Acquired cerebral palsy is the condition where the child gets affected after the birth, injuries to the brain at the early stage of the life, infections like meningitis and encephalopathy, brain ischemia, injuries to head and even child abuse are some of the major causes. In majority of the cases the cause of the disease is not known. Genetic disorders, congenital abnormality in brain, fever or infection during birth are some of the
Cognitive functions are associated with certain areas of the brain. With the case of Phineas Gage this shows how brain damage can affect a person's cognitive functioning. Though Phineas Gage survived his accident it showed that with certain parts of the brain becoming injured a person's cognitive function is affected. References Kotowicz, Z. (2007).
Unit 4222-256 Understand the impact of Acquired Brain Injury on Individuals 1.1. Acquired Brain Injury is any damage to the brain that occurs after birth. 1.2 Possible causes of Acquired Brain Injury are:- · alcohol or drugs · disease such as AIDS, Alzheimers, cancer, multiple sclerosis or Parkinsons disease · lack of oxygen caused anoxic brain injury (for e.g. injury caused by near drowning) · Physical injury such as impact (or blow) to the head, which may occur in vehicle or sporting accidents, fights or falls · stroke - when a blood vessel inside the brain breaks or is blocked destroying local brain tissue 2.1 The initial effects of Acquired Brain Injury are:- · loss of consciousness · increased fatigue (mental and physical) · communication difficulties is very common · slowing down in how fast they process information, plan and solve problems · changes to behaviour and personality, physical and sensory abilities and thinking and learning 2.2 The long term effects of Acquired Brain Injury can be different depending on the severity of the injury and the area of the brain which is affected. The main effects of brain injury can be grouped into three areas:- Physical Cognitive Emotional and Behavioural Physical Effects · fatigue - excessive tiredness, tasks such as getting dressed or walking around can require much more effort after brain injury.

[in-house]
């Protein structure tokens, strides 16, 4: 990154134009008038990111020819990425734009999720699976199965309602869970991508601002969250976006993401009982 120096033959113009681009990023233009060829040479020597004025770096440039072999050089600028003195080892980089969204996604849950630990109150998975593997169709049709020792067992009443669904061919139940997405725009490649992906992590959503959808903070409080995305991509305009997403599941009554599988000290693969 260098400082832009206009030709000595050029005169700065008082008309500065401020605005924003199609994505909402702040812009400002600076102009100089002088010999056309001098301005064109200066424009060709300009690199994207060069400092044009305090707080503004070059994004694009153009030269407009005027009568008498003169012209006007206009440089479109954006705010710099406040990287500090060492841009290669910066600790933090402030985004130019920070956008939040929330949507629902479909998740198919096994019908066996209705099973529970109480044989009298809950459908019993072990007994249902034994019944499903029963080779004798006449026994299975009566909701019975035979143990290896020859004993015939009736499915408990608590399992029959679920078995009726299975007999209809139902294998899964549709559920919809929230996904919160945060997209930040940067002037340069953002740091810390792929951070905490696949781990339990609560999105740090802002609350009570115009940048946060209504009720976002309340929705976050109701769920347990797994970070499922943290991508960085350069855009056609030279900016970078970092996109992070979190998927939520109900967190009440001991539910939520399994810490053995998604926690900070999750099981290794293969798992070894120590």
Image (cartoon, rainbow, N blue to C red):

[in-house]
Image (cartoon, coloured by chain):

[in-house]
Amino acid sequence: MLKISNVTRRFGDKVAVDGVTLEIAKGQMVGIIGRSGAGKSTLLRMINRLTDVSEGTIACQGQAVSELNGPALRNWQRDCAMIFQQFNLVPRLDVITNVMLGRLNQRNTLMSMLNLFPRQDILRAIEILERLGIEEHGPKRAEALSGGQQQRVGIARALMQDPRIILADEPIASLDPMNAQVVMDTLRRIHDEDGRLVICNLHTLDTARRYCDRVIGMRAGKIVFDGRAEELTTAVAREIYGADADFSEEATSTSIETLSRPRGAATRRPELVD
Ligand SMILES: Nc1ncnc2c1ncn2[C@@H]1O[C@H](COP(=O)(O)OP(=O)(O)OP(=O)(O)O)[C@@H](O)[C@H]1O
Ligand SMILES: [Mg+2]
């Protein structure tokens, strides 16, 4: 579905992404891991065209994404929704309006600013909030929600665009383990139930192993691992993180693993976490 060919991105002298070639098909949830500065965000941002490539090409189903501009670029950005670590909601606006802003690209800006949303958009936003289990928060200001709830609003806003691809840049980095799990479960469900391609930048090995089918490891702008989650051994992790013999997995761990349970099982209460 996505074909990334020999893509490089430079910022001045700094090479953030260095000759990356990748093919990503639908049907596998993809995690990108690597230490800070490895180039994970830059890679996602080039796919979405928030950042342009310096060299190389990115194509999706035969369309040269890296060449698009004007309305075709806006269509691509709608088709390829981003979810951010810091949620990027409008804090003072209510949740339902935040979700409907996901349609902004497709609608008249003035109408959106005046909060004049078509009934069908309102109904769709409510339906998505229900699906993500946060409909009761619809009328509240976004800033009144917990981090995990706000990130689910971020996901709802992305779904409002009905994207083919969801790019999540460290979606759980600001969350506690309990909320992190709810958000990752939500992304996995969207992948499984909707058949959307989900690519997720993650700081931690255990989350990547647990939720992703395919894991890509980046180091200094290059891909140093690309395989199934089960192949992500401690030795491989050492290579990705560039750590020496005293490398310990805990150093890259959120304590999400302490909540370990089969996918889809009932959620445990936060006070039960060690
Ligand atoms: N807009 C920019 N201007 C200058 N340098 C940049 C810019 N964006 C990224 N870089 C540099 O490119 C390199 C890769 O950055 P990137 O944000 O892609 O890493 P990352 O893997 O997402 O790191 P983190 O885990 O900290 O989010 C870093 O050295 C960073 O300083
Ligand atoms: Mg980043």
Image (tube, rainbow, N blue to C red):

DEM-301 Understand the Process and Experience of Dementia 1.1 Describe a range of causes of dementia syndrome. Fixed cognitive impairments are due to a single incident. Traumatic brain injury may cause generalised damage to the white matter of the brain or localised damages. A brief reduction in the supply of blood and oxygen to the brain may lead to this type of dementia. A stroke or brain infection can also be the cause of dementia.
As the mass impedes on the brain or blood vessels, symptoms such as seizures and speech problems can occur. Epilepsy, classified as a brain disorder, occurs when a group of nerves in the brain generate abnormal electrochemical impulses. These impulses cause stroke-like symptoms including strange sensations, irrational behaviour, muscle spasms, convulsions and loss of consciousness. A hemiplegic migraine is a specific type of migraine headache that often runs in families. Migraines, throbbing pain in one area of the head, are often accompanied by nausea, vomiting and sensitivity to light and/or sounds, according to the Genetics Home Reference.